Myoclonic Atonic Epilepsy Doose Syndrome


Myoclonic atonic epilepsy (MAE), typically known as Doose syndrome, was first described by Dr. Herman Doose from Germany in 1970. It is an uncommon childhood epilepsy syndrome that accounts for 1 to 2 out of 100 (1 to 2%) of all childhood-onset epilepsies.

  • Usually the first seizure occurs between 2 and 6 years of age.
  • Boys tend to be affected more than girls (two thirds to three quarters of children with MAE will be boys).
  • More than half of children start with a generalized tonic-clonic seizure with or without fever. Within days to months, drop seizures begin. Many children also develop myoclonic jerks and absence seizures, and some may develop tonic seizures. Most children with MAE are developing normally when seizures begin.

Genetics play an important role in this disorder. About 1 out of 3 families have a history of seizures.

While most children do not have an identified gene mutation, mutations in various genes, including SCN1A, SCN1B, SCN2A, SLC2A1, CHD2, SYNGAP1 and KIAA2022, have been identified in some cases. This epilepsy syndrome is considered part of a group of genetic epilepsies with febrile seizures plus (GEFS+).

Children with MAE may have multiple seizure types:

  • Drop seizures, characterized by an abrupt fall with loss of body tone (atonic) or by a brief body jerk followed by an abrupt fall (myoclonic atonic), occur in everyone.
  • Generalized tonic-clonic seizures are seen in most children. These may be triggered by fever.
  • Absence seizures and myoclonic seizures are seen in many cases.
  • Tonic seizures can be seen later in the course and often are predictive of poorer outcomes.

Though all seizure types can result in status epilepticus, about 1 in 3 children with MAE have episodes of non-convulsive status epilepticus. Seizures tend to occur more often early in the morning than during the day.

MAE is diagnosed based on the description of the seizures, with myoclonic atonic seizures being the most common type. Information also comes from tests such as:

  • EEG (electroencephalogram): children with MAE may have normal EEGs at first, but most have abnormal EEGs showing frequent generalized spike-wave activity in brief bursts of 2 to 5 Hz. Background may be normal or abnormal. (See the photo at the top of the page.)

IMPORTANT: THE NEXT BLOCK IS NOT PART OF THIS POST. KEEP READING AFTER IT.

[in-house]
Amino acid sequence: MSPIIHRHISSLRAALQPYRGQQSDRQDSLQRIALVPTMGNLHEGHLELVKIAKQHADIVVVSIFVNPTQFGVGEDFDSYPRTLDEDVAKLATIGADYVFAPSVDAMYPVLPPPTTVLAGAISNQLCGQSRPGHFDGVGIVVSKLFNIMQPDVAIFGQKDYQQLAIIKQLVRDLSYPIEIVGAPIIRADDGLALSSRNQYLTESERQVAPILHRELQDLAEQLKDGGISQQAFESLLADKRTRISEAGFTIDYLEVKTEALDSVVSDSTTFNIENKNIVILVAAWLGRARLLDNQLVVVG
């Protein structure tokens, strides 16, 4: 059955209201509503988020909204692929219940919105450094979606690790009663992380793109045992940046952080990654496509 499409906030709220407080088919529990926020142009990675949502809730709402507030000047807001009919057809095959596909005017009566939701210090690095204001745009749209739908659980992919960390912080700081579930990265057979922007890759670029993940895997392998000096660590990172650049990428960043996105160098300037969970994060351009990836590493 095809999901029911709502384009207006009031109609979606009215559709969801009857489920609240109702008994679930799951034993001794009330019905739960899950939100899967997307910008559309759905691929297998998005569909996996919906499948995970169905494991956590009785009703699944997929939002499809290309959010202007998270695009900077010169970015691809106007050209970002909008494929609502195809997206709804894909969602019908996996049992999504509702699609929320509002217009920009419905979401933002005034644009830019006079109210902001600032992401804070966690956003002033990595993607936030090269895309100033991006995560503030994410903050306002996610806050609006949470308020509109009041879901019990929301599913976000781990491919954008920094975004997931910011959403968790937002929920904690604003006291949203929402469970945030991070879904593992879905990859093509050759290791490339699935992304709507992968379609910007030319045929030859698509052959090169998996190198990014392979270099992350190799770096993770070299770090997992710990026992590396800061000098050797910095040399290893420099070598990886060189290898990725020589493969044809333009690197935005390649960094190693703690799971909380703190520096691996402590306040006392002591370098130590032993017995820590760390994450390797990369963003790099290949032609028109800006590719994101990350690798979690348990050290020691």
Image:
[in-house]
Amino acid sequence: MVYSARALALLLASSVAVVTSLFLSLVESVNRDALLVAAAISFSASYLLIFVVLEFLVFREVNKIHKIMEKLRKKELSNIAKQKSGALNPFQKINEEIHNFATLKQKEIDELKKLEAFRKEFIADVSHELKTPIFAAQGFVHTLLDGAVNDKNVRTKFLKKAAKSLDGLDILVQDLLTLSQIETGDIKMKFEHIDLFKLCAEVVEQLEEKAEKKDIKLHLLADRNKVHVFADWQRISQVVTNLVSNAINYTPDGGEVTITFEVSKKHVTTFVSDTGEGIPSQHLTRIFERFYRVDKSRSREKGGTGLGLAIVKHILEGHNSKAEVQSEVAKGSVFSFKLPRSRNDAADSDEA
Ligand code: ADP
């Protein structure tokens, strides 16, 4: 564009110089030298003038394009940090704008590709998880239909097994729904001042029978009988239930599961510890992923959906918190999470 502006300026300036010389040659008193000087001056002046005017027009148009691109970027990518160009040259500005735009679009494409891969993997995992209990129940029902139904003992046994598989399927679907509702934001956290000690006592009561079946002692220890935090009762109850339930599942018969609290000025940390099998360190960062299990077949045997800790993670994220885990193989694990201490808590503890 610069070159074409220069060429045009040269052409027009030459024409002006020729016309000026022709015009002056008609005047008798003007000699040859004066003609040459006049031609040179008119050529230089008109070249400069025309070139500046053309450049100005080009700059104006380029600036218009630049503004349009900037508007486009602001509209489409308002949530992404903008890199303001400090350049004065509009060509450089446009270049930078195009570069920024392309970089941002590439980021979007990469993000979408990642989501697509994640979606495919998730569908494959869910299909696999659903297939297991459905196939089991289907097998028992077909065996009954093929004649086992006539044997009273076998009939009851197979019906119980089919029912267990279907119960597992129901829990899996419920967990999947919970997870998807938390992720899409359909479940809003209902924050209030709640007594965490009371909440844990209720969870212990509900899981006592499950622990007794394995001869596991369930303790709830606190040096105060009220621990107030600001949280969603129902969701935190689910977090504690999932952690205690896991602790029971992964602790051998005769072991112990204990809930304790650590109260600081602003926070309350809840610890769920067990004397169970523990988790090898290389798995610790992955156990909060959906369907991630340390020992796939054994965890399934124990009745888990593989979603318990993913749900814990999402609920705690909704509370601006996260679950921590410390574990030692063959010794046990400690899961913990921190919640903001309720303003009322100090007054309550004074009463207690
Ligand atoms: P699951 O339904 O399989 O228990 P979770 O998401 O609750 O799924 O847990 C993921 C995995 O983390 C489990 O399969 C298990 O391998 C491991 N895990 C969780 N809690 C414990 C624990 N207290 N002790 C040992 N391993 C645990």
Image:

• MRI (magnetic resonance imaging) of the brain is normal.


Seizures in children with MAE are often difficult to treat and may not respond well to medication. Medications are chosen based on the seizure types:

Some seizure medications should not be used in children with MAE because they can worsen certain seizure types. These include carbamazepine, oxcarbazepine, phenytoin, and vigabatrin.

Non-medication Therapies

The ketogenic diet is often very effective for MAE and should be considered early. Vagus nerve stimulation (VNS) has been used, but some reports have not shown benefit.

Rescue Therapies

Children with MAE who have long or clusters of seizures may need emergency medical treatment or treatment with a rescue therapy. Examples of rescue therapies may include diazepam rectal gel (Diastat) or another form of benzodiazepine given into the nose (intranasally) or under the tongue.

The prognosis for children with MAE can vary.

  • While seizures often respond poorly to medication, about 2 out of 3 children ultimately outgrow their epilepsy and can wean off medication.
  • About one third have persisting seizures.
  • Development typically improves once seizures are controlled, with some children returning to normal function. Others may be left with varying degrees of intellectual disability.
  • Intellectual disability is more severe in children whose seizures do not go away and in those with tonic seizures and recurrent, non-convulsive status epilepticus.

Authored By:

Angel Hernandez MD
Elaine Wirrell MD

on Saturday, November 23, 2019

Reviewed By:

Elaine Wirrell MD

on Saturday, November 23, 2019


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